The great Bulwan gun began shelling us later than usual. It must have been past eight. The Devon officers had long finished breakfast, and after inspecting the lines were gathered for orderly room in their mess. It is a fairly large shed on a platform of beaten earth, levelled in the side of the hill. The roof, of corrugated iron and earth, covered with tarpaulin, would hardly even keep out splinters, and is only supported on rough wooden beams. It is impossible to construct sufficient head shelter. The ground is so rocky that all you can do with it is to build walls and traverses. Along one side of the mess tent a great traverse runs, some eight or ten feet thick, and about as high. When the sentry blows the warning whistle at the flash of a big gun, officers are supposed to come under the shelter of this traverse, till the shell has passed or declared its direction. At the first shot this morning I heard no whistle blow, but it was sounded at the second and third. It was the third that did the damage. Striking the top of the traverse, it plunged forward in huge fragments into the messroom, tearing an enormous hole in the tarpaulin screen. Unhappily Mr. Dalzell, a first lieutenant with eight years’ service, had refused to come under the wall, and was sitting at the table reading. The main part of the shell struck him full on the side of the face, and carried away nearly all his head. He passed painlessly from his reading into death. The state of the messroom when I saw it was too horrible to describe. The wounds of the other officers prove that the best traverse is insufficient unless accompanied by head shelter. Though their backs were against the wall, seven were wounded, and three others badly bruised. Two cases are serious: Lieutenant P. Dent had part of his skull taken off, and Lieutenant Caffin had a compound fracture of the shoulder-blade. Lieutenant Cane, an “orficer boy,” who only joined on Black Monday, was also wounded in the back. The dhoolies quickly came and bore the wounded away to the Wesleyan Chapel. Mr. Dalzell was buried in the afternoon. “Well, well,” sighed the old gravedigger, “I never thought I should live to bury a man without a head.”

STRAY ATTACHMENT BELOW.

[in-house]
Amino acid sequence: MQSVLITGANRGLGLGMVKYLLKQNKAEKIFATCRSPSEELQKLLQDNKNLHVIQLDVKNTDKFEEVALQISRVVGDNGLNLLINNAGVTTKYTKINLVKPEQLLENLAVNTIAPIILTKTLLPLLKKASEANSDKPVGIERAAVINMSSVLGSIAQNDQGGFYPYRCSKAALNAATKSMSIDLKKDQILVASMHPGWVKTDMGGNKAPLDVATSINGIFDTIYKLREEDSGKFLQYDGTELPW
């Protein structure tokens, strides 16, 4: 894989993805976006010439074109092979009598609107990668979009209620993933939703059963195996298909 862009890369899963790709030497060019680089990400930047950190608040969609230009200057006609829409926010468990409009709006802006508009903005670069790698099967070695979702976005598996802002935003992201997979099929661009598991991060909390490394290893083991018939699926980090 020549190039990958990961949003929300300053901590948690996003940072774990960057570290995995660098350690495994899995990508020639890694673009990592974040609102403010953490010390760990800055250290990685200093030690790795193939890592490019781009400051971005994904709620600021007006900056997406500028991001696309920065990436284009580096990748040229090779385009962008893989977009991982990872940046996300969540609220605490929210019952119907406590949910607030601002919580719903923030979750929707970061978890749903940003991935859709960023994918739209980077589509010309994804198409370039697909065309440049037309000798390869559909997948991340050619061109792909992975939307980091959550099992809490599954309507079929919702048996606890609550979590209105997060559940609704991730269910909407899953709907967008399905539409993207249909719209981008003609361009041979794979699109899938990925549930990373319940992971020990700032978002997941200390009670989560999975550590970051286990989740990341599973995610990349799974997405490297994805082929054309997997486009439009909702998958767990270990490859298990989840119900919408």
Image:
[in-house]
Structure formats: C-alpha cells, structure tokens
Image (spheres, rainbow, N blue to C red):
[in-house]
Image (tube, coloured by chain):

To-day, for the first time, we heard that Lord Roberts had lost his only son at Colenso. The whole camp was sad about it. The scandal over the robbery of the sick by the civilians at Intombi has grown so serious that at last General Hunter is sending out Colonel Stoneman to investigate. I have myself repeatedly endeavoured to telegraph home known facts about the corruption and mismanagement, but all I wrote has been scratched out by the Censorship. One such little fact I may mention now. The 18th Hussar officers at Christmas gave up a lot of little luxuries, such as cakes and things, which count high in a siege, and sent them down to their sick at Intombi. Not a crumb of it all did the sick ever receive. Everything disappeared en route—stolen by officials, or sold to greedy Colonials for whom the sick had fought. It is a small point, but characteristic of the whole affair.